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Despite more than 200 years of sulfur research the chemistry of elemental sulfur and sulfur-rich compounds is still full of “white spots” which have to be filled in with solid knowledge and reliable data. This situation is parti- larly regrettable since elemental sulfur is one of the most important raw - terials of the chemical industry produced in record-breaking quantities of ca. 35 million tons annually worldwide and mainly used for the production of sulfuric acid. Fortunately, enormous progress has been made during the last 30 years in the understanding of the “yellow element”. As the result of extensive inter- tional research activities sulfur has now become the element with the largest number of allotropes, the element with the largest number of binary oxides, and also the element with the largest number of binary nitrides. Sulfur, a typical non-metal, has been found to become a metal at high pressure and is even superconducting at 10 K under a pressure of 93 GPa and at 17 K at 260 GPa, respectively. This is the highest critical temperature of all chemical elements. Actually, the pressure-temperature phase diagram of sulfur is one of the most complicated of all elements and still needs further investigation.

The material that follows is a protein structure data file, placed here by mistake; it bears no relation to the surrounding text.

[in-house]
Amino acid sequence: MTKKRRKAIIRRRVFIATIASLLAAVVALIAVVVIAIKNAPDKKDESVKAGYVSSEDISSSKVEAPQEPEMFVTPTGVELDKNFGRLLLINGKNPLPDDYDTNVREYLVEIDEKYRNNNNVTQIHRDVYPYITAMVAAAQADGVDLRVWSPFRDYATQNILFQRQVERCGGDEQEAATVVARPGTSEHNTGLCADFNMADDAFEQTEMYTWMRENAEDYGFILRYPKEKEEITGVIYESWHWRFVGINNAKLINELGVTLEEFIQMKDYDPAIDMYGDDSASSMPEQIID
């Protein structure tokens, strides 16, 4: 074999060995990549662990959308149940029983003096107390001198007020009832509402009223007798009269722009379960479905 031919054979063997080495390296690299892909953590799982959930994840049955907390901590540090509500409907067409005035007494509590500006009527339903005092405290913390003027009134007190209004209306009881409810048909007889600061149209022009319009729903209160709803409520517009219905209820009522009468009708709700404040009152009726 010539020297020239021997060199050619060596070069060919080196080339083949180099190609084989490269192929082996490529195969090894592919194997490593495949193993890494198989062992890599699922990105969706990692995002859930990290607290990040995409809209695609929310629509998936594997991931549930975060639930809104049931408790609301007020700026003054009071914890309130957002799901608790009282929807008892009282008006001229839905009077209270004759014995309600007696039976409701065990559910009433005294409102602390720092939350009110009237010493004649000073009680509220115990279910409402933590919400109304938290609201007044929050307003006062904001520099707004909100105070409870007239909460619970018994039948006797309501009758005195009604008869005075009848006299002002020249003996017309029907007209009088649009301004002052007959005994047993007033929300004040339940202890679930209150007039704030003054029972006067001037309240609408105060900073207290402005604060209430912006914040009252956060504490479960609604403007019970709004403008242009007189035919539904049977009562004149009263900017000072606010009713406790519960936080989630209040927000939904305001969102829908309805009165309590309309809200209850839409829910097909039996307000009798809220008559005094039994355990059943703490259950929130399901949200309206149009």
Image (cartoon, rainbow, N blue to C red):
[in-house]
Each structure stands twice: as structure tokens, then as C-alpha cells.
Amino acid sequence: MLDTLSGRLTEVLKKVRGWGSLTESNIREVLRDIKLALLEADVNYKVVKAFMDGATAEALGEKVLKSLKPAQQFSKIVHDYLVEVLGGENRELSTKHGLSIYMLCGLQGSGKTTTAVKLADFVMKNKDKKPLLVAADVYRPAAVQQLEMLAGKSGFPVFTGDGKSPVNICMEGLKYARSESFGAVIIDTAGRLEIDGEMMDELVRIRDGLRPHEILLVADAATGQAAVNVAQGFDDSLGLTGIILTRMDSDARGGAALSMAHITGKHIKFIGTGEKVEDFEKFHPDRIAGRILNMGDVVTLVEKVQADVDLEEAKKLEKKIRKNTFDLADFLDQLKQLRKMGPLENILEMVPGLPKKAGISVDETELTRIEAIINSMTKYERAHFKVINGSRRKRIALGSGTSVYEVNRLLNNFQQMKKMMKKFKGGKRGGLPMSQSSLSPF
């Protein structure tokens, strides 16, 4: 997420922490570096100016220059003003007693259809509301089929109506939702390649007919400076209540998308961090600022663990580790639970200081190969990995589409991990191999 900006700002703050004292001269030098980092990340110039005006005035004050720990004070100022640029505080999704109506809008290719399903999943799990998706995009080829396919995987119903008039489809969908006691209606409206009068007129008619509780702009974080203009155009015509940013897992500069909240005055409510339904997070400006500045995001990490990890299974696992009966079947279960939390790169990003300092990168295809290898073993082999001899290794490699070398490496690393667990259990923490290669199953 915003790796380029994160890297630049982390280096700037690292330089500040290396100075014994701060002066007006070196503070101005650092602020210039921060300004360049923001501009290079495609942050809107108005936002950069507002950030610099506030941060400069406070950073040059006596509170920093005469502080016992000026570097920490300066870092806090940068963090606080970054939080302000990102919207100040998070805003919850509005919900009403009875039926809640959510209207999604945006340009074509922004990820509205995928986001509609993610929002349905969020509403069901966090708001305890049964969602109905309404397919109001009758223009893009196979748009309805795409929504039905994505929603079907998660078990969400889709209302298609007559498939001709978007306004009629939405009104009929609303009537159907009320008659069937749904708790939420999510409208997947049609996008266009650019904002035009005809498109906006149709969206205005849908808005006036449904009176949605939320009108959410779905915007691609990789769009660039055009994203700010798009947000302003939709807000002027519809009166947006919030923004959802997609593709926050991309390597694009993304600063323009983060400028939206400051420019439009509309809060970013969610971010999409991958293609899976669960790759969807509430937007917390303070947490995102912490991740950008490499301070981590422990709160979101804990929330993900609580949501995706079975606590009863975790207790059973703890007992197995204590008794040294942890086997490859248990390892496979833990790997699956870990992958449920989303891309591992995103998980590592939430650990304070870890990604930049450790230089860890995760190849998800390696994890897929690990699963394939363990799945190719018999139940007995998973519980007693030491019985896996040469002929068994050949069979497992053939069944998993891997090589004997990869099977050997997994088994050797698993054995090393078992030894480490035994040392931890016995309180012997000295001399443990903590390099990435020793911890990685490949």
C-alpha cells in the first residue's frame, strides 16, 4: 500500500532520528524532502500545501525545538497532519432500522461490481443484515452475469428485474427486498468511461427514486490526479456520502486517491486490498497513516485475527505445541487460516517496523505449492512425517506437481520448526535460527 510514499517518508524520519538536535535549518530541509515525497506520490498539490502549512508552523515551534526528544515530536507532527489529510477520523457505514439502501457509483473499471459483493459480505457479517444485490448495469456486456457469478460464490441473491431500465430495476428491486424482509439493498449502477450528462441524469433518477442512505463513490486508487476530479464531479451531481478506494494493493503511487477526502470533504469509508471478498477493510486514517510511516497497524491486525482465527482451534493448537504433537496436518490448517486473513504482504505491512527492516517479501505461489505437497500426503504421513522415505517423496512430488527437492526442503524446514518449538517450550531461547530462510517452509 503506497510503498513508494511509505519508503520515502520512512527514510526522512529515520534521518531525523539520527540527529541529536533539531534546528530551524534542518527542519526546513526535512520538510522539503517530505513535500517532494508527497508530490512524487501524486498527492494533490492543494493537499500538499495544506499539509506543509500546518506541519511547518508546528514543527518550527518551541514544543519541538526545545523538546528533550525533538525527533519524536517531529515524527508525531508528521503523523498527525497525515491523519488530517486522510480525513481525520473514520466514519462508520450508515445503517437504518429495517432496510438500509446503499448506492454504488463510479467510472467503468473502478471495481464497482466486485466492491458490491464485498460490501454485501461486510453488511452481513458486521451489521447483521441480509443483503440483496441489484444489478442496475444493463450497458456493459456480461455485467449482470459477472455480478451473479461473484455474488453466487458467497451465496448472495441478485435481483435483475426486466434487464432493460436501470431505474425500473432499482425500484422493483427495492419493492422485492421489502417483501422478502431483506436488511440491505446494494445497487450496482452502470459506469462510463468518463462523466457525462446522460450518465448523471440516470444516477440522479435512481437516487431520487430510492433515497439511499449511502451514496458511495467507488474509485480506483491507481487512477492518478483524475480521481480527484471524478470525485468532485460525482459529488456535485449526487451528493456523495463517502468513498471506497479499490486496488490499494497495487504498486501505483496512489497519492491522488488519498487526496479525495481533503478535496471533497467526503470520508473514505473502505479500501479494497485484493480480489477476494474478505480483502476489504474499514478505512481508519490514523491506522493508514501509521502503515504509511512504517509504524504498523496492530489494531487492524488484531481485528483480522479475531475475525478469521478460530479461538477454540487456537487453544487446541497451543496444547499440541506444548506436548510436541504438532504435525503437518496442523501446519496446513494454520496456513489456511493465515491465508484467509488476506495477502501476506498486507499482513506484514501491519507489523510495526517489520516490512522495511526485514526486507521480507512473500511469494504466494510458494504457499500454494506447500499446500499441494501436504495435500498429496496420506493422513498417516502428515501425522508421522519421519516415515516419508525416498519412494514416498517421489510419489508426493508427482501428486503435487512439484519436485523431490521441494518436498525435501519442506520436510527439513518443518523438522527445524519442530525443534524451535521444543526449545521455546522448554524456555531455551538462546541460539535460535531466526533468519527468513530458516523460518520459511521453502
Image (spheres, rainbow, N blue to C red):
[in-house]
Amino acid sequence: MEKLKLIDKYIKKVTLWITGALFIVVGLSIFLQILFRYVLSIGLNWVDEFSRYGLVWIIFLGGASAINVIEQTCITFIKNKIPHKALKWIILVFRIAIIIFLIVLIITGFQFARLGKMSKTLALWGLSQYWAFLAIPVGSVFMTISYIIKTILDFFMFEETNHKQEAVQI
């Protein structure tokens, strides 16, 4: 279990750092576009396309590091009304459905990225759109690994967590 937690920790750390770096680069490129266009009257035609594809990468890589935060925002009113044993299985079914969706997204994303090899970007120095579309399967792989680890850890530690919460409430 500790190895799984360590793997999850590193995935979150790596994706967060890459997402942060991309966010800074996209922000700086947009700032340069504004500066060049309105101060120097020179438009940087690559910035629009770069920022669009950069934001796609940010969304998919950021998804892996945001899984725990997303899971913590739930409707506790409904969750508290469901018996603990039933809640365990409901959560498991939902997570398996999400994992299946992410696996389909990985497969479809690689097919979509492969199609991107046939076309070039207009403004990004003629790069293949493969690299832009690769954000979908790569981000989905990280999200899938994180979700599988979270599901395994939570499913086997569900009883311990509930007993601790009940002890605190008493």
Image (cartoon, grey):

M.W. Wong: Quantum Chemical Calculations of Sulfur-Rich Compounds.- B. Eckert, R. Steudel: Molecular Spectra of Sulfur Molecules and Solid Sulfur Allotropes.- R. Steudel: Inorganic Polysulfanes H2Sn.- R. Steudel: Inorganic Polysulfides Sn2- and Radical Anions Sn-.- N. Takeda, N. Tokitoh and R. Okazaki: Polysulfido Complexes of Main Group and Transition Metals.- R. Steudel: Sulfur-Rich Oxides SnO and SnO2.